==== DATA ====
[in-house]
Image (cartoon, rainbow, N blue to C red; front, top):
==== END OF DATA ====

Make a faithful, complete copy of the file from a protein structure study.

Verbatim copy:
[in-house]
Image (cartoon, rainbow, N blue to C red; front, top):